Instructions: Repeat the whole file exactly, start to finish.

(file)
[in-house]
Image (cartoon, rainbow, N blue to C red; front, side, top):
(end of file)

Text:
[in-house]
Image (cartoon, rainbow, N blue to C red; front, side, top):